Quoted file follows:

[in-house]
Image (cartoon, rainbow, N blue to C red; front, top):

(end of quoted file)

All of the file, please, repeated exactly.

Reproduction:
[in-house]
Image (cartoon, rainbow, N blue to C red; front, top):